The FCC Implements Net Neutrality
“Net neutrality” is the concept that network service providers (ISPs, cell carriers, etc.) must treat all network traffic equally. This means that they cannot favor certain types of packets (ex. their own video streaming) while slowing down other packets (ex. competitors' video streaming, voice over IP). While, on the surface, this sound good, it fails to take into account bandwidth considerations, and the consequences of that bandwidth being used up. A TV signal can be broadcast through the air, and whether one TV or a million TVs receive the signal, the signal is the same; however, the same signal received over the Internet must be duplicated once for each end point receiving it - it is a request-response network. It's not as cut-and-dried of an issue as some of its more ardent supporters would like to paint it.
Congress has failed to implement net neutrality legislation, and courts have ruled that the Federal Communications Commission (FCC) has no jurisdiction to implement it on its own. That didn't stop the intrepid FCC, which issued net neutrality guidelines near the end of the year. Hopefully 2011 will find these regulations to be unenforceable; as it stands now, though, these regulations are bad, and have the potential to slow innovation around the network.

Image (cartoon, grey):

I've been asked by some, regarding my last post, what my solution is for the problems that plague our current health care system. I was also accused of being too verbose - so, here is my solution, minus the qualifications that tend to make my explanations longer. So, no griping about sweeping generalizations - just ask for clarification. :) Without further ado, I present Dr. Daniel's Prescription for Health Care Reform.
With the number of people who are in this country legally, we cannot support those who are not. This extends to emergency care as well, because if we leave that open, we'll just have illegals using the ER for their everyday health care. Raises the stakes a little, but we can't afford to fix everyone “for free.” Additionally, insurers must verify citizenship for their standard policyholders. They are still free to obtain health care at their own expense.
End HMO/PPO Discounts
This is the #1 thing that drives the cost of health care for the uninsured. To get what they need, providers have artificially inflated their charges; so, when they apply the HMO/PPO discounts, they get what they wanted to begin with. Make these post-markup, post-discount prices the standard prices, and health care becomes much more affordable, even for the self-insured (AKA uninsured).
Choose Your Own Coverage